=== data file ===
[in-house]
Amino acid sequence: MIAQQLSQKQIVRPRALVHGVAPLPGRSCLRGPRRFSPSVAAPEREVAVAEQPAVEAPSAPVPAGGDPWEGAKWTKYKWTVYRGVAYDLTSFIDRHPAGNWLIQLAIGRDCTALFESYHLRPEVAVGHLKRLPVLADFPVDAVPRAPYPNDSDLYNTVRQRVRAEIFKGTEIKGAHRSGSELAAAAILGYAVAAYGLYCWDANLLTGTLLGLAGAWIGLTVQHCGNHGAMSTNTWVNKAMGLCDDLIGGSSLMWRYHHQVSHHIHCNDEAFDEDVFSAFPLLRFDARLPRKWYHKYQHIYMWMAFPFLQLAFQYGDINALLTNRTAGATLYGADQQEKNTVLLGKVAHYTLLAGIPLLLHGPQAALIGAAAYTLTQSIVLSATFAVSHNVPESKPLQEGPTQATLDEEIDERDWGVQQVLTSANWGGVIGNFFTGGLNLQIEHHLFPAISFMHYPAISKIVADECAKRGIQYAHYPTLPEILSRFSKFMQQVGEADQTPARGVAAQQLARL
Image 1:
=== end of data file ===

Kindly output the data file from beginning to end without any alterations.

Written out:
[in-house]
Amino acid sequence: MIAQQLSQKQIVRPRALVHGVAPLPGRSCLRGPRRFSPSVAAPEREVAVAEQPAVEAPSAPVPAGGDPWEGAKWTKYKWTVYRGVAYDLTSFIDRHPAGNWLIQLAIGRDCTALFESYHLRPEVAVGHLKRLPVLADFPVDAVPRAPYPNDSDLYNTVRQRVRAEIFKGTEIKGAHRSGSELAAAAILGYAVAAYGLYCWDANLLTGTLLGLAGAWIGLTVQHCGNHGAMSTNTWVNKAMGLCDDLIGGSSLMWRYHHQVSHHIHCNDEAFDEDVFSAFPLLRFDARLPRKWYHKYQHIYMWMAFPFLQLAFQYGDINALLTNRTAGATLYGADQQEKNTVLLGKVAHYTLLAGIPLLLHGPQAALIGAAAYTLTQSIVLSATFAVSHNVPESKPLQEGPTQATLDEEIDERDWGVQQVLTSANWGGVIGNFFTGGLNLQIEHHLFPAISFMHYPAISKIVADECAKRGIQYAHYPTLPEILSRFSKFMQQVGEADQTPARGVAAQQLARL
Image 1: